Sleep Training Methods

Sleep Expert Kim West, Child Psychiatrist Joshua Sparrow and Pediatrician Robert Hamilton talk about different sleep training methods.
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Sleep Training Methods


- So I'm asked all the time, "So, Kim, what is the most successful sleep training methods 'cause that's the one we want to do". And if you look at the science, the science says, it's extinction. Put the baby in awake. Leave the room. They'll cry, of course. Don't go in all night long. The problem with that, is well, sometimes it doesn't work. Number one, but the primary problem with that, is that most of the parents that I work with can't do it. It breaks their heart. And so they go in, and they start being inconsistent. And they cause more problems. So if that's the case, that the key is to be consistent, then I'd rather teach parents how to do that. So the real answer is that you have to pick the sleep coaching method that is the right match for your child's temperament and your values, and i.e., the one you can follow through with consistently. And that will be your key to success.

- These days, so many parents are worried about getting their babies to sleep. And I think one of the reasons is that so many parents are away all day, and don't get enough time with their babies. And so even though they're tired, and they want their baby to sleep so they can go to sleep, sometimes they probably also want the baby to stay awake, so that they can have more time with the baby. And when that happens, we end up stimulating the baby more. We end up engaging in more exciting kinds of play 'cause we're having so much fun, finally, to get a little bit of time with the baby. So what helps are routines and rituals that the baby comes to expect, that are quiet and calming and settling and soothing. Good night rituals, good night stories, with soft voices and dim lights that really signals to the baby: This is the time when we relax and get ready to go to sleep.

- At five months of age, I tell mothers, is that you need to get your child to go to bed awake. And what I mean by that is you go through your whole nighttime routine. You bathe them. You feed them. You change them. You sing to them. Reading to children, the rhythm of your voice, the sound of your voice, you pray with them. You do the whole ritual, if you will, of an evening. And you turn it all down. You turn the lights down, and you have that wonderful, tender moment with your baby. But before they actually fall dead asleep in your arms, you put the baby down. You depart the room. It may be your bedroom. But you go out in the living room, or whatever. They're gonna cry. They're gonna cry, and I let a five-month-old baby cry for three minutes, maybe five minutes. Short time. So I tell my moms, "I know other people would disagree. That's fine". I say, "Pick up your baby. Hold your baby. Comfort them. Calm them down again". And it may take awhile. It may take another five, ten minutes to kind of bring them to that quiet state again, where you can then, again, before they fall asleep in your arms, okay? You, again, put them into the crib. Again they are cognizant. They're not ready alert. But they're aware of the fact that they're going to bed. They may cry again. I'd let them cry three to five minutes, three times in a row. Three to five. Three to five. Three to five. Then I extend it to seven to 10. Okay? Same evening, okay? But we're training now, okay? Do that three times in a row. Then I go 12 to 15 thereafter. By four to five days, look, children are very bright. They figure it out very quickly. And if you tell them, "You know what, honey? We love you with all of our heart, but we're gonna teach you how to go to sleep". You know what? They figure it out.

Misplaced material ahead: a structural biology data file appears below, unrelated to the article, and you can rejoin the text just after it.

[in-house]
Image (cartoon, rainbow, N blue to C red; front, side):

Sleep Expert Kim West, Child Psychiatrist Joshua Sparrow and Pediatrician Robert Hamilton talk about different sleep training methods.


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